The aim is to put the doctor’s brain on a mobile phone using AI “chatbots’

For example, in Rwanda, where the Babylon app was introduced in 2016, the company announced its aim was to “take the power of a doctor’s brain and put it on a mobile phone for medical advice and triage.”

Studies found no “convincing evidence” the app performed better than doctors

Predictably, authoritative examinations of the app’s performance have led to stark warnings. An article published in November in the British medical journal The Lancet found that the Babylon app, currently contracted with the National Health Service (NHS) in the UK, did not offer convincing evidence that its symptoms checker performed better than doctors in any realistic situation. The article pointedly noted that it sometimes performs significantly worse. Similar conclusions were drawn by a report published by Pennsylvania State University. It warned that existing symptoms-checker chatbot apps cannot provide a final diagnosis or analyze test results, let alone supervise proper physical examinations.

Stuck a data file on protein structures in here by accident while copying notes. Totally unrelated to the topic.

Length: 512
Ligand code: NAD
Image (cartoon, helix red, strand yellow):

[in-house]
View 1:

Use of the chatbot app also raises concerns about patient privacy

Without any regulatory mechanisms in place, medical professionals are also worried about the impact on patient privacy. In Alberta, the app was launched before a privacy review—which could take more than a year—was completed. Doctors have pointed out that Babylon’s terms and conditions include the sharing of patient information with “corporate partners and other entities.”